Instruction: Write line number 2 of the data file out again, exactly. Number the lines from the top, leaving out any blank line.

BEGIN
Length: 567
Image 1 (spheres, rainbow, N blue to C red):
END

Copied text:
Image 1 (spheres, rainbow, N blue to C red):